Can using your cell phone give you brain cancer? We posed that question to Mary McBride, a senior scientist with the British Columbia Cancer Agency.
Mary McBride: We don't exactly know. We're reassured that for the casual user, there is no conclusive evidence that cell phones do cause cancer. We still do not know about heavy users, long-term users, or children as users.
Ms. McBride is a co-investigator of the largest study of its kind that looked at the risk of cancer from cell phone use by adults. The decade-long study, released in May of 2010, tracked the cell phone use and incidence of brain tumors of about 13,000 people over 13 countries.
What we have found is that there doesn't appear to be any large risk of brain tumors from cell phone use. And there doesn't seem to be any short-term risk from cell phones. And again, given that we know that there's some uncertainty in our calculations. We looked to previous studies and the lab studies to be consistent with that. So I think that's a very important conclusion.
In other words, there was no smoking gun found that links moderate cell phone use, defined in the study as under a half hour a day, with brain cancer. However, the study was less conclusive about heavier use of cell phones, said McBride. She said that there's been a dramatic increase in the use of cell phones in the last ten years or more.
It's probably useful to point out that although more people are using them, and they're probably using them for longer, cell phone technology has also changed, so that the newer technology phones, digital versus the older analog phones produce lower emissions of radio frequency fields.Also, practices such as using a handset or texting reduce exposure to the individual for any individual call, given that the actual main source of exposure, cell phone antenna, is farther away from the body.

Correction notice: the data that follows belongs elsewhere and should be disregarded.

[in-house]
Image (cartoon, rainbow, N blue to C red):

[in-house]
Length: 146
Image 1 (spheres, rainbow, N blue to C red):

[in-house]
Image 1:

McBride described the way cell phone use could possibly interact with the body to elevate cancer risk.
Cancer is considered a two-stage process. The first step is a change to the DNA, to the genetic material. That's called the initiation step. And that can occur if there is a genetic mutation, for example, or if something like x-rays damages the DNA. The second type of step, what's called the promoting step, there's various mechanisms that can promote an already susceptible cell and change it further into a cancer cell. So the question of whether radio frequency fields could actually DNA damage was looked at extremely closely. It's probably more likely that if these radio frequency fields cause cancer, it'll be more at the later stages of development, at the promoting stages, which is why we think our information for users of ten years or less is definitely relevant to individuals and to the population.
Mary McBride is a research scientist with the British Columbia Research Center, part of the government-run British Columbia Cancer Agency which oversees much of the research and nearly all of the radiation and chemotherapy of the Canadian province. McBride is co-investigator of the Canadian component of a multinational case-control study of the use of cell phones and risk of brain tumors, sponsored by the International Agency for Research on Cancer and funded by the Canadian Institutes for Health Research. Previously, she has conducted a large epidemiologic investigation into risk factors, including power-frequency electric and magnetic fields, for development of childhood leukemia, and co-authored a number of publications on second cancer risk.